Graham is the third winner in our Volunteer Essex Story Competition 2018
My name is Graham, I am 58 years old and have congenital Glaucoma.
The thing is with Glaucoma, it is known as the silent thief of sight, as it causes a build-up of pressure in the eyes which damages the optic nerve. Glaucoma is a slow painless condition that gradually damages your sight. Unfortunately because it is optic nerve damage, once the damage is done there is no cure for this.
I was working for a company in Chelmsford from 1980 until 2014. During this time my sight had got so bad that I could no longer read printed text or operate a computer but because of the amount of time I had been with the company (and thanks to some amazing colleagues) I was able to carry on working.
I was constantly worried that the managers would realise the full extent of my sight loss, for this reason for the last few years I was convinced that I would be sacked. I was married with a teenage son and a mortgage. I finally returned to the opticians in 2008, where I was swiftly sent back to the hospital and registered as ‘severely sight impaired’. I kept quiet until 2014, when the firm I worked for closed our site down.
Then followed 3 years of unemployment. The experience of the job centre was difficult and there appeared to be little in the way of help or re-training available.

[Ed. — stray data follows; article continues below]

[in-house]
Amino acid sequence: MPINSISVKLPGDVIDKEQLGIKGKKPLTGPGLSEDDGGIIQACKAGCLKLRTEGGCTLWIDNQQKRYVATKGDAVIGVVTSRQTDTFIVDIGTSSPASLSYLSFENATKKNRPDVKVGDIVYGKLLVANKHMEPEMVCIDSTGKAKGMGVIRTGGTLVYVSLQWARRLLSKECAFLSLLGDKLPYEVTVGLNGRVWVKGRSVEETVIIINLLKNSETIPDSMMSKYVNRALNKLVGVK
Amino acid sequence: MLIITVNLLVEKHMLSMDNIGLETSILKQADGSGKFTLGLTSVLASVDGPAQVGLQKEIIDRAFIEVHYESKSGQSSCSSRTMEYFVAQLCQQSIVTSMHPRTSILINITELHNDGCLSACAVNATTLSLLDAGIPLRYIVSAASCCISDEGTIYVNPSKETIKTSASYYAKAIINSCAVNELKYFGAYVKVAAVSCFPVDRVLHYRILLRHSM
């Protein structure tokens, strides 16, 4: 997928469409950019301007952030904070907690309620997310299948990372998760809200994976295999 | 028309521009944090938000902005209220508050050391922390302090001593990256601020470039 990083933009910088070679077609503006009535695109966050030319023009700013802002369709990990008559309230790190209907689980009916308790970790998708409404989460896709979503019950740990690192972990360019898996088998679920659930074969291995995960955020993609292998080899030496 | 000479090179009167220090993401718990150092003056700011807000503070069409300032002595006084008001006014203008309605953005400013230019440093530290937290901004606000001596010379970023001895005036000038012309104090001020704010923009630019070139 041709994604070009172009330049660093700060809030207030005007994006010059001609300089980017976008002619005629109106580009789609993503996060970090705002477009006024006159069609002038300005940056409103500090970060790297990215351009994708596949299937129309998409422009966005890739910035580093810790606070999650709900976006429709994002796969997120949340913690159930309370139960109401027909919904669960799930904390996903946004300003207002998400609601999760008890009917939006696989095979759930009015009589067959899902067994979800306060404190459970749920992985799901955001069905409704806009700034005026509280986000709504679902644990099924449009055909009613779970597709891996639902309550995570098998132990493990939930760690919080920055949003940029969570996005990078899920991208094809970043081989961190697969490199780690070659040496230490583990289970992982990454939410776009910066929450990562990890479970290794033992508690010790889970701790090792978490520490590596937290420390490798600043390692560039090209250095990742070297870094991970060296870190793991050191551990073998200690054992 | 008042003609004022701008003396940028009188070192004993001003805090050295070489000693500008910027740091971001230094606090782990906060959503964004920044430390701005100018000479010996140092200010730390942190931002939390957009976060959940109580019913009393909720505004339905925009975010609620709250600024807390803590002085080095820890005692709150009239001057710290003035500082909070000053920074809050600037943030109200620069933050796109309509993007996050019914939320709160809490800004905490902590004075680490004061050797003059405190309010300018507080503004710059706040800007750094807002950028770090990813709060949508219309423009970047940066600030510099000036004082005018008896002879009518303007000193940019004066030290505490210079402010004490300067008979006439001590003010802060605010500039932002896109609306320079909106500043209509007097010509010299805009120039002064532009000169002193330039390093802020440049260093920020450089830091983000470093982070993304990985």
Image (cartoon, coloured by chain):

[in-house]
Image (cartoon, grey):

Eventually I was signposted to Support 4 Sight and haven’t looked back since.
Firstly, I went over to their resource centre and was shown some amazing pieces of equipment, that until then I had no idea existed.
I then signed up to become a volunteer. Speaking in front of crowds, running a coffee morning, riding a tandem from Chelmsford to Saffron Walden and arranging social trips are just a few of the things I have been encouraged and supported to do.
I was signposted to a computer course for visually impaired people and it was amazing to use a PC again after all these years. Then in 2014, I went on to apply for a job with the charity – something I would have thought impossible a couple of years ago. The job was based around thirty miles from my home, with only public transport to rely on and, of course, the sight loss makes it very hard to recognise people’s faces.
But I really wanted to give it a go! This experience has changed me and my life for the better and I have also helped open a new resource centre in Chelmsford.
I am supported by a great team of people and best of all, I no longer live a lie! I don’t have to try and hide in the background and be anonymous any longer now I can just be myself.
Without becoming a volunteer, I would not be in this position now.I would encourage anyone to find a charity or organisation and become a volunteer, it will change your life as it has changed mine.
To view volunteering opportunities with Support 4 Sight CLICK HERE